Up Markets and Down Markets, When to Buy and Sell. (Part 2)

This is part 2 of a series where I explore some of the views/assumptions commonly held by people regarding how real estate markets work and what they mean to people who are buying themselves a home. The following is intended to be read in the context of the rest of the series so I recommend reading the other posts so this one makes more sense. The first of the series can be found here.

Objection #2

“But, the newspapers are constantly reporting doom and gloom.”

Yes, they are, but so what? They make such reports regularly regardless of what the market is doing. If markets are going up, it’s a crisis because we won’t be able to afford anything but at the same time “the bubble is about to burst” and when markets are slow or going down they are saying it’s going to get much much worse. I’ve heard all kinds of pundits over the years aruge about whether things will continue or have a dramatic change. Often there is one who has a business of selling real estate in some way who insists it will go up and there is someone else who is trying to get themselves published and read more who is all doom and gloom. Either of those strong opinions make great soundbites and create a sense of some kind of “debate”. The people who don’t get quoted so much are the ones who know full well that no one knows the future, the best they can do is give you an educated guess. And they are educated and try to share insights about what will likely happen based on data and knowledge… but it’s too loooooooooooooong and boooooooooring so these things don’t really get explored and they go to commerical. Besides “probably this” and “maybe that” aren’t easy take away point for people to remember, they don’t have the sizzle of drama that sell and don’t sound like the person knows what they’re talking about unless you are the kind of person who takes Dunning Kruger effect seriously.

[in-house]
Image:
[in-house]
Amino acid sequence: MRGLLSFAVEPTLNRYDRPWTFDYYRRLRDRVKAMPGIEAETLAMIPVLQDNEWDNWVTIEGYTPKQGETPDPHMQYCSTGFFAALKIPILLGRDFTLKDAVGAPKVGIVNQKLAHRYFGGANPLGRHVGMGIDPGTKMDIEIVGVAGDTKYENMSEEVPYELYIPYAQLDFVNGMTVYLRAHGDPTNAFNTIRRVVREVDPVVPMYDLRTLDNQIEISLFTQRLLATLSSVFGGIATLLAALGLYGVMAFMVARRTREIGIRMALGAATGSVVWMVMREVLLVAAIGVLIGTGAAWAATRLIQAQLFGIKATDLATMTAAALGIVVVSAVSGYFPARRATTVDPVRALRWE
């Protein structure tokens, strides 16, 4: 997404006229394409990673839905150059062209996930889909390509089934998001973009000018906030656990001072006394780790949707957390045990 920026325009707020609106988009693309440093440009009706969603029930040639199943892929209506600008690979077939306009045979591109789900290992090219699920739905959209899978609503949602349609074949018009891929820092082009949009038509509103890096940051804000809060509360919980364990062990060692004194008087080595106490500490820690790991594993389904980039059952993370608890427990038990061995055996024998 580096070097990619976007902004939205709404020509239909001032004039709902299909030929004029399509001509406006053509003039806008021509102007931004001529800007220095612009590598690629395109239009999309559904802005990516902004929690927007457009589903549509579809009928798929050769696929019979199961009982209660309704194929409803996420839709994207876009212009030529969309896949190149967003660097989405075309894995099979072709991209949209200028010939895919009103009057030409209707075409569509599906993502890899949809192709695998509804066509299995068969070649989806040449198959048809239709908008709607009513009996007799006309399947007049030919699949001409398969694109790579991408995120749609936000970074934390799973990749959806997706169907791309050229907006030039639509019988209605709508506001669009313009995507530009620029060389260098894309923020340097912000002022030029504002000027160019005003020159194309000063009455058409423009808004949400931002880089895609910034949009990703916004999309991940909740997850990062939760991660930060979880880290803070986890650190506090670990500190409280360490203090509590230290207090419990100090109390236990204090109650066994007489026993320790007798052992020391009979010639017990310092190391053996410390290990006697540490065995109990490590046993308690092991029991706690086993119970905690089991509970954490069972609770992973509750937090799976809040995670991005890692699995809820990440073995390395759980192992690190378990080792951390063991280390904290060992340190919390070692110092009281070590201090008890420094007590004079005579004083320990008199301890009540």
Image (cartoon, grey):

In my eyes the media’s job is to sell advertising space wrapped in information that people want to see and hear. To do that, they have to do whatever they can to keep you glued to the TV set, website or buying the daily rag. They sensationalize and twist things to make them more interesting and often, scary. Bad news sells. It’s hard to forget about news that scares you isn’t it? You want to read more right?

I don’t know about you, but I have been involved in or had an inside view of many events that have wound up being talked about in the mainstream media. Every time I read about or saw it on TV I have found the event to be greatly dramatized and/or distorted to the point that I sometimes wonder if they’re talking about the same thing I experienced.  Again, don’t take my word for what I saw about markets, do your own research and you’ll find that what I say here is provable.

The part that I find sad in all of this is how the mainstream media is in a position to have self fulfilling prophecies in terms of things economic. The public hears that things are good or bad and they either continue spending their money or start hoarding it. That’s a lot power.

Continue reading objections to my position with part 3 of this series.

Ryan Coffey

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